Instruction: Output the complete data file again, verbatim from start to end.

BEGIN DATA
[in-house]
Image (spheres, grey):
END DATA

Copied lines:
[in-house]
Image (spheres, grey):